Australia Ordered To Pay Refugees In Historic Settlement

Australia’s Victoria Supreme Court has ordered the Australian government to compensate hundreds of asylum seekers for illegally detaining them in squalid conditions and systematically subjecting them to inhuman treatment on the remote island of Nauru.

The final class action settlement, reached in a lawsuit brought by Slater and Gordon law firm, is estimated at US$56 million, according to Press TV.

“These detainees came to Australia seeking refuge, compassion and protection, which were all denied to them by successive Commonwealth governments,” said Rory Welsh, primary legal representative of Slate and Gordon. The firm represents roughly 72 percent of the 1,923 asylum seekers detained on the island.

Welsh went on to say that “the result that has been achieved in this case, against significant odds, will allow meaningful compensation to be paid to group members much more quickly than would otherwise have been the case.”

However, Amir Taghinia, a detained Iranian refugee, also added, “Getting the money is not the issue,” reiterating that “we are still in the same situation, we are still suffering from the same conditions.”

The case is the largest human rights class action settlement in Australia’s history. Australia’s offshore asylum and refugee processing methods have been sharply criticized by the United Nations High Commission for Human Rights, demanding they be returned to Australia while their applications are analyzed.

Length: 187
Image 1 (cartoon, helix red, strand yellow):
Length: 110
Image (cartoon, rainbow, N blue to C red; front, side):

Several deaths have been registered in the offshore detention centers. Detainees have repeatedly blamed those deaths on neglect by the Australian state.

Successive governments have transferred would-be refugee and asylum seekers to Nauru and Manus Island from November 2012 to December 2014 where they’ve remained ever since. While the latter South Pacific island is geopolitically part of Papua New Guinea, the actual detention facility is under contract by the Australian state, according to Slater and Gordon.

The secluded island detention camps are part of the government’s hardline policy to keep asylum seekers who arrive by boat from reaching Australian shores.

Top photo | A group of asylum seekers who were en route to Australia hold up their identity after landing in Manus Island, Papua New Guinea. (Eoin Blackwell/AAP Image, via AP, File)


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